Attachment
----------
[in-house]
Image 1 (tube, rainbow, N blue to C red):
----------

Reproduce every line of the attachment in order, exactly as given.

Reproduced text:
[in-house]
Image 1 (tube, rainbow, N blue to C red):